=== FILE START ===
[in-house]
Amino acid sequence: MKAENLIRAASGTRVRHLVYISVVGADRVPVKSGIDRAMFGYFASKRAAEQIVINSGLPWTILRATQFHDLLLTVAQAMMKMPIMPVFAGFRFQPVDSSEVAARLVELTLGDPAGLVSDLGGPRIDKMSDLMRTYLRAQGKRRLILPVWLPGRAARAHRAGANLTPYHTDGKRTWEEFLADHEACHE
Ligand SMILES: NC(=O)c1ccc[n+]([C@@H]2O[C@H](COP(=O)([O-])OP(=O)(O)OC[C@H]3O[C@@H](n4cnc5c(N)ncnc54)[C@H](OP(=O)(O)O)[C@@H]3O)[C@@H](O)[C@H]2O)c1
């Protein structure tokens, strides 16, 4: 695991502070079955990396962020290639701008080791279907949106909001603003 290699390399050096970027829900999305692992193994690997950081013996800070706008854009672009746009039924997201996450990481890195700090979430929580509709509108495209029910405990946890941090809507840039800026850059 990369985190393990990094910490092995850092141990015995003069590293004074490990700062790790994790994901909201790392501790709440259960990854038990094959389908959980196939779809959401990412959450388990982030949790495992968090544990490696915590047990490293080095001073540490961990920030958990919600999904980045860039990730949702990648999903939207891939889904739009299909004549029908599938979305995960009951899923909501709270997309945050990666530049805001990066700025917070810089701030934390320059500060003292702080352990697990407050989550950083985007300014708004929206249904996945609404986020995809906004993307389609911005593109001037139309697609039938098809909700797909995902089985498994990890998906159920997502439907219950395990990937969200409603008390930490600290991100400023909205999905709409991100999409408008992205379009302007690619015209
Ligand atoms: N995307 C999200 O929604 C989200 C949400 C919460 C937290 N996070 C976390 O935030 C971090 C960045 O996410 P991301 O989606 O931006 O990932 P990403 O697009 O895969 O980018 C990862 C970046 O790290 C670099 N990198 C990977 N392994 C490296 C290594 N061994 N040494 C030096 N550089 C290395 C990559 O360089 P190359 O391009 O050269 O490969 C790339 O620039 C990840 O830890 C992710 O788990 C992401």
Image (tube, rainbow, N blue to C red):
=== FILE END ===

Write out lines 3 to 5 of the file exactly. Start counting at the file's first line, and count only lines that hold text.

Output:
Ligand SMILES: NC(=O)c1ccc[n+]([C@@H]2O[C@H](COP(=O)([O-])OP(=O)(O)OC[C@H]3O[C@@H](n4cnc5c(N)ncnc54)[C@H](OP(=O)(O)O)[C@@H]3O)[C@@H](O)[C@H]2O)c1
């Protein structure tokens, strides 16, 4: 695991502070079955990396962020290639701008080791279907949106909001603003 290699390399050096970027829900999305692992193994690997950081013996800070706008854009672009746009039924997201996450990481890195700090979430929580509709509108495209029910405990946890941090809507840039800026850059 990369985190393990990094910490092995850092141990015995003069590293004074490990700062790790994790994901909201790392501790709440259960990854038990094959389908959980196939779809959401990412959450388990982030949790495992968090544990490696915590047990490293080095001073540490961990920030958990919600999904980045860039990730949702990648999903939207891939889904739009299909004549029908599938979305995960009951899923909501709270997309945050990666530049805001990066700025917070810089701030934390320059500060003292702080352990697990407050989550950083985007300014708004929206249904996945609404986020995809906004993307389609911005593109001037139309697609039938098809909700797909995902089985498994990890998906159920997502439907219950395990990937969200409603008390930490600290991100400023909205999905709409991100999409408008992205379009302007690619015209
Ligand atoms: N995307 C999200 O929604 C989200 C949400 C919460 C937290 N996070 C976390 O935030 C971090 C960045 O996410 P991301 O989606 O931006 O990932 P990403 O697009 O895969 O980018 C990862 C970046 O790290 C670099 N990198 C990977 N392994 C490296 C290594 N061994 N040494 C030096 N550089 C290395 C990559 O360089 P190359 O391009 O050269 O490969 C790339 O620039 C990840 O830890 C992710 O788990 C992401």